How many of your past choices do you think were based on you just "following the crowd"?

The thread about “relationship drives” got me thinking about this.

One of the posters opined that women get married because they see all their friends doing it and they don’t want to be left out. I can’t imagine making a commitment like marriage solely just because you want to fit in with the crowd, but then again, I do know how it feels to be the odd woman/man out. It’s not a fun place to be.

Have you ever made a major life decision based either covert or overt peer pressure? I’m also curious if following the crowd is something that people are conscious of doing. I imagine most posters are going to say that they’ve never done anything like that before. But it seems to me that rarely will people admit to being sheeple.

Maybe, if you count going to college. It wasn’t something I ever considered NOT doing. Where I grew up, it was expected. My parents had both gone to college and all my friends in High School went to college.

Now, I might argue that it was good decision, and I would have done so regardless of “peer pressure”, but how would I know? And maybe it wasn’t so much pressure as just… what one did when one finished High School.

Missed the edit window: I think a lot of things fall into a category similar to that. Even getting married. Why would one think about getting married if one didn’t see a lot of other people doing it? Maybe you’re not doing it to fit in, but you’re still doing it because you’re doing what society expects at a certain stage in your life.

Back in the 60s, I bought a miniskirt because they were “in” - but I don’t know how much was peer pressure. Beyond that, I really don’t think so.

I dropped out of college and joined the Navy while my friends stayed in school.

I eloped - not because I felt like I had to be married, but because we didn’t want to deal with all the wedding nonsense.

I was a working mom, not because of social pressures but because my husband was going to college and I needed to support us.

I opted out of a management track in my career, despite having a boss telling me I was wrong to not want to be in charge…

After I retired, I went back to work, not due to pressures but because I was bored.

Nope, I’m not much of a crowd follower.

Honestly, I can’t remember making a decision based on peer pressure after my 14th birthday. I’ve always been one who marched to the beat of a different drummer. I suffered for it occasionally, but never enough to make me want to change. I attended an education lab school for grade and high school, which may have had quite a bit to do with that. Everyone there was unique or unusual in some way. We were celebrating diversity long before it was cool.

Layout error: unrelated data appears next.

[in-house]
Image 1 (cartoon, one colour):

I do remember the winter I was 12, I wanted a pale blue parka with a hood lined with white faux fur for my winter coat. I wanted it bad, and mostly because other girls I knew had them. My mother was deaf to my pleas and bought me a gray-blue coarse wool coat that would have looked perfectly in character on Edith Bunker. Lord, I hated that thing. Not only was it ugly as sin, but the material was so coarse it gave me a nasty case of contact dermatitis on the back of my neck. lol So I guess that was a bit of peer pressure at work.

Well, that’s exactly what I’m talking about. “Doing what society expects you to do” is just another way of saying “following the crowd”.

On a board full of special snowflakes, I’ll freely admit that:

  • I probably never would have done any illegal drugs if other people weren’t doing them.

  • I had long hair in the 60s, although I was a bit ahead of the curve in going short again (1975).

  • I keep my house neat on the inside and out at least partly because that’s what’s expected (especially the “out” part).

  • I usually try to dress for the occasion, within my own limits. I don’t go to weddings in Hawaiian shirt (unless that’s the dress code). I don’t own a suit (hate them), but I do own sport coats and slacks. On the whole, though, I never wear anything that would be considered outlandish.

  • I mentioned college, above.

I didn’t want to do a post-doc, but I did because of peer pressure. I didn’t want to be that one loser who didn’t do one. I didn’t want to disappoint my grad advisor either.

Turns out that I was the only one among the grad students I was friends with who actually went that route. They all ended up getting teaching jobs at small colleges or for-profit online universities right out of school. So in actuality I didn’t follow the crowd. But I think if you’d asked me at the time why I was doing a post-doc, I would have said something like “because it’s expected of me”.